Food security exists, according to the World Food Summit Plan of Action adopted in November 1996, when all people, at all times, have physical and economic access to sufficient, safe and nutritious food to meet their dietary needs and food preferences for an active and healthy life. In other words, food security depends on the availability accessibility, adequacy and acceptability of food. In each of these areas women's contribution is critical: as food producers, as income earners who purchase food for their households, and as processors and prepares of the foodstuffs required to keep their families healthy and active.
In the Rome Declaration on World Food Security, signed at the World Food Summit, governments proclaimed that it was intolerable and unacceptable that more than 800 million people throughout the world, and particularly in developing countries, did not have enough food to meet their basic nutritional needs. Although food supplies have increased substantially, constraints on access to food and continuing inadequacy of household and national incomes to purchase food, together with instability of supply and demand, as well as natural and human-caused disasters, prevent basic food needs from being fulfilled. The problems of hunger and food insecurity have global dimensions and are likely to persist, and even increase dramatically in some regions, unless urgent, decisive and concerted action is taken to provide for the anticipated increase in the world's population and the stress on natural resources.
It is universally recognized that women are the majority of the world's agricultural producers, with decisive roles in the management of fishery, forestry and farming resources. Worldwide, women produce more than 50 percent of the food that is grown. Moreover, in many places women are responsible for providing most of the food required by their families, if not by producing it then by earning the income for its purchase. Finally, women are almost universally responsible for food processing and preparation. They do all this in the face of constraints and attitudes that conspire to increase their daily workload disproportionately, underestimate the economic contribution of their labours and hinder their participation in decision- and policy-making.
At the World Food Summit, governments acknowledged the fundamental contribution of women to food security, particularly in the rural areas of developing countries, and the consequent need to revitalize rural society in order to enhance social stability and help redress the excessive rate of rural-urban migration confronting many countries.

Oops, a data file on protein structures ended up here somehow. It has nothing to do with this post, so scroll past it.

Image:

Governments agreed to promote women's full and equal participation in the economy, and for this purpose to introduce and implement gender-sensitive legislation providing women with secure and equal access to, and control over, productive resources including credit, land and water. Furthermore, they agreed to promote investment in food security programmes that benefit small-scale food producers, especially women, and their organizations, as well as to strengthen their own capacity to design and implement these programmes.
The implementation of these commitments requires a greater understanding of the current and changing roles of women in food security in the different regions of the world. This document provides an overview of these roles with emphasis on women as key actors for sustainable rural development, as food producers and consumers, in the context of global and regional agricultural trends. It looks at the major macro- and microlevel factors that affect women in their efforts to produce and provide food. Finally, it outlines steps that need to be taken in order to remove these constraints and to create new policies and institutional environments to generate these changes and promote conditions that contribute more effectively to food security.
This document is based on and synthesizes the regional papers on "Rural women and food security: current status and perspectives" from Africa, Asia and the Pacific, Europe, Latin America and the Caribbean, and the Near East, prepared by the Women in Development Service (SDWW) of FAO as part of the preparatory activities for the World Food Summit.
The data presented come from these sources unless otherwise stated. The unevenness in information from the regions and countries is primarily caused by gaps in, or lack of, gender-disaggregated data and indicates that further information and data collection are needed.
Sustainable Development Department